How Do Antidepressants Mix with Pregnancy? We Asked the Pros
Maybe you've heard, but the rates of people who are taking antidepressants are on the rise, and they have been for some time. According to the CDC, the United States has seen a rise in depression diagnoses between the end of the Reagan years and the beginning of the Obama era (1988-2008). But to say that it was just a rise is a bit of an understatement:
It rose 400%.
That being said, the current US population has 11 diagnoses of depression for every 100 people. That's a lot of people, but for women of child-bearing age, it's just a bit higher than that.
We recently sat down with Dr. Siobhan Dolan and Dr. Jennifer N. Lind, PharmD, MPH, a Lieutenant Commander in the United States Public Health Service, and the two of them shed some light on a topic that seems to be kept on the down-low.
Dr. Lind said that “about 15% of women of reproductive age who are covered by private insurance filled a prescription of some sort of antidepressant.” 15% is more than the average of 11%, so women of child-bearing age are of special interest when considering the diagnosis and treatment of depression.
Another reason that this niche group is of special interest is because their ingestion of antidepressants also has the potential to affect their yet-to-be-born babies as well. This is starting to become conventional knowledge, but in referring to a study done by the CDC, Dr. Lind said that about 50% of pregnancies are unplanned. So in reality, women taking antidepressants could be passing the medications they are taking along to their baby without even knowing it. That, Dr. Dolan said, “we suggest that women talk to their healthcare provider — ideally before they get pregnant or at least after they become pregnant.”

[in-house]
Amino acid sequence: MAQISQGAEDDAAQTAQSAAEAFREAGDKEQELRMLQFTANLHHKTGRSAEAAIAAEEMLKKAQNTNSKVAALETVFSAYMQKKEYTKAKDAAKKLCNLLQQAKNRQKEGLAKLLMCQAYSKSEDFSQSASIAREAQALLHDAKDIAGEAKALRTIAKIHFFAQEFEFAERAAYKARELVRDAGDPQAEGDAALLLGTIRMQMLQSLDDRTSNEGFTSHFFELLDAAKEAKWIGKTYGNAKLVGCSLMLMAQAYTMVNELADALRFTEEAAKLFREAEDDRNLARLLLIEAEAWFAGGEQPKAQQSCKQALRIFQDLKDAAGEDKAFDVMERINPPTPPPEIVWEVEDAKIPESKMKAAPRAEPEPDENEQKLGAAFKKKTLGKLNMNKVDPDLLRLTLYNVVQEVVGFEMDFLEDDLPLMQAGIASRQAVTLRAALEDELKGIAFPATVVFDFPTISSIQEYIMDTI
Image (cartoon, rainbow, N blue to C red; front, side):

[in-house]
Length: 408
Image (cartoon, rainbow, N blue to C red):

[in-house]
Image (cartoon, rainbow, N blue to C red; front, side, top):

Dr. Dolan and Dr. Lind want exactly the same thing that you want: healthy moms, healthy pregnancies, and healthy babies. For that reason, neither of the doctors recommend dropping your meds altogether. What they recommend is talking to your healthcare provider and coming up with a solution that is specific to your mental-health needs and your baby's developmental needs.
There's no one-size-fits-all solution to this issue, and sometimes, the solution may be a hard pill to swallow (pun intended), but in the end, it's all about the oven and the little bun that's all toasty warm inside.
The March of Dimes has teamed up with the Center for Disease Control to run the Treating for Two initiative — an initiative that has moms who suffer from depression and their babies at the forefront of their minds. For more information about the Treating for Two initiative, visit their website.